One of the inevitable truths of this life is that we must get older. Usually, it happens quietly and gradually—you wake up one morning, wondering “how did I get here?” Sometimes, it happens violently, traumatically, unforgettably. Something huge happens, and even unable to predict the future, it’s obvious that nothing will ever be the same.
It’s impossible to say whether something so traumatic or life-changing happened to RJ Krohn, better known as RJD2, but there’s no denying that his last solo release, The Third Hand, changed his audience’s perception of his music irrevocably. Where once he was a promising hip-hop producer who made magic from behind his arsenal of machines and samplers, he was now a singer-songwriter who dealt in lite AOR and vanilla soul. All of the elements of his music that had garnered him the respect of a small but rabid audience were gone, replaced by live instrumentation, average vocals, and the shadows of the beats he made not all that long ago.
The fact is, Krohn is getting older—his tastes are changing, and his desire to develop his own artistry in the direction of those tastes is understandable. The problem, then, is that he updated his craft to the point of contempt for his previous work, which then translates to contempt for an audience that adored that work. Hopefully, he was ready for that audience’s adverse reaction.
Given the response to The Third Hand, it’s hard to see RJD2’s latest effort The Colossus as anything other than a retreat to that which built his name. Granted, the emphasis here is still far more soul than hip-hop, but the sampling has returned, Krohn proves he can still craft a killer beat, and he even spreads the love when it comes to the vocal contributions on the album.
Nowhere is the regression more evident than on the many pure instrumentals that dot the album. Opener “Let There Be Horns” is a fantastic voyage through hip-hop soul music, featuring lots of cut-up string samples and matching cut-up beats. “Giant Squid” stomps its way through four minutes of deep groove, thanks to a heavily-distorted fuzz bass that cuts through the mix no matter how many things Krohn adds to it. Late track sleeper “The Stranger” is a cinematic film noir romp complete with lots of horns, muted guitars, and spooky noises. These sorts of tracks were sorely missing from The Third Hand—just how much they were missed wasn’t necessarily obvious until now. RJD2 never needed a voice to tell a story, his beats and samples were enough.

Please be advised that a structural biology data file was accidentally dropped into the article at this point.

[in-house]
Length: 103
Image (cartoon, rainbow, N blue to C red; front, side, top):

Of course, he can’t help himself—he adds vocals on “The Glow” (cheesy), “Gypsy Caravan” (ridiculous), and closer “Walk with Me” (jaunty, and actually kind of fun). That he would choose to showcase his own vocals alongside such capable performers as the underrated Kenna, whose “Games You Can Win” sneaks up on you until you can’t help but sing along, or the three-headed monster of the Catalyst, Illogic, and NP, who share the lead on “A Son’s Cycle”, seems unwise. “A Son’s Cycle” is actually an argument for RJD2 the hip-hop producer, where he takes three separate beats, hands them to three separate rappers, and somehow finds a cohesive track in all of it.
So, yes, on one hand, The Colossus is like RJD2 trying to have it both ways, appealing to what’s left of his established fanbase while still tossing in a few more of the Third Hand-esque experiments to placate his own creative urges. On the other hand, maybe this is progression. Often, maturity is defined by the ability to accept and embrace your past while still allowing yourself an open mind for the future. That his fans have such a distaste for his newer material as compared to his older material shouldn’t stifle him from following his muse. If anything, it’ll make those moments where he does placate his established fanbase sound less like pandering and more like a welcome acknowledgement of his much beloved past. The mix of the two makes The Colossus sound like a work by an artist who is maturing rather than lashing out.